Items filtered by date: November 2013
Wednesday, 27 November 2013 14:55

Top Five Things About Being In Lords Of Wong

1. Jimmy Dirt: I enjoy the freedom to express my freedom of speech freely. Sometimes I even feel like Ace Frehley.

2. The Colonel: The many doors that have opened for us. Mainly the exit doors we've been escorted out of. Watching Bizee Fingers knock himself out while moonwalking through the Step Inn’s toilets was a highlight.

3. Gerry: It has been an un-learning experience. Being in this band has made me significantly dumber. From my barely capable beginnings, I now find myself fighting the urge to eat trough lollies and I’m captivated by dramas like ‘Two And A Half Men’.

4. Scotty Wong: I like being free from the chains of mathematical precision. I like wearing my velvet suit. I like having the longest hair in the band. I like hiding in the corner, where I am relatively safe.

5. Bizzee Fingers: What do I like about being in Lords of Wong? What makes you think I like being in Lords of Wong? I enjoy the end of each Thursday night practice when I realise that I don't have to do that again for another week. I enjoy drawing blood from a fellow drunken Wong on stage or dry humping them to see that uncomfortable look in their eyes. I enjoy tweaking the nipples of society with my Flying V.


Lords Of Wong launch their ‘Club Bistro’ LP on vinyl at Beetle Bar Saturday November 30.

Published in Rock
Wednesday, 27 November 2013 14:44

Machine Translations: Out-Of-Body Experience

It’s been six years since musical explorer J. Walker released his last album.

Along with his band, Machine Translations, the musician has been in full swing recording ‘The Bright Door’ – the most orchestral of his works. “A lot of water has gone under the bridge since the last album and I think I've learnt a lot as a musician and a producer,” he says.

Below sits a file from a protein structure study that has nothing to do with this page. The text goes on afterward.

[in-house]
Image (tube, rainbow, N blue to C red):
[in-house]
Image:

“There's a bit more collaboration on this record and I've tried to push the boundaries a bit in terms of the songs I'm writing, and I've had a slightly more orchestral approach to the whole thing.”


Known for his experimentation and unusual instrument selections, ‘The Bright Door’ features many musical layers, another trademark of Walker’s. “The nature of my albums is that they're very layered and complicated. I like that the new album takes its time and has layers in it that, if you're patient with, will keep unfolding.”

Another aspect of Walker’s music is his poetic writing style, which has been influenced partly by the Chinese language. “A lot of Chinese language is very compact and simple but it's also complex as well ... I do use some automatic writing techniques and also some subliminal mumbo tracks [as well].”

A producer as well as an artist, Walker gains the most satisfaction from his craft when he’s collaborating with other musicians. “Having produced a lot of [albums for] other people the past four or five years, I've really absorbed a lot of great musical lessons from people I've worked with. I've really liked the fact that I've been influenced by local people rather than by overseas stuff. I feel like I'm becoming more and more of an indigenous Australian musician because I'm just surrounded by talented, local people.”

Looking forward to touring the album, Walker says he’s interested in seeing how the tracks will “evolve” on stage. “I just want people to feel stuff. When I turn up to a gig, I want to have some sort of out-of-body experience and that's always what I'm hoping will happen to my audiences. You're immediately in a more instinctive state of being and it's awesome to spend time in that place.”

Machine Translations play The Hi-Fi Saturday Nov 30. ‘The Bright Door’ is available now.

Published in Rock
Wednesday, 27 November 2013 14:40

El Moth: Life Is A Ride

On the bill for January’s Rainbow Serpent festival in rural Victoria, Melbourne funk party band, El Moth, are excited to be playing.

“It will probably be one of the biggest shows we've played,” bassist Nick Ohlson says. “It's big on numbers, but also the fact that we've been patrons of that festival for many years and always enjoyed the Rainbow family vibe. So to have been asked to play there is a really big thing for us and we're looking forward to it. It's a great festival. We usually go every year.”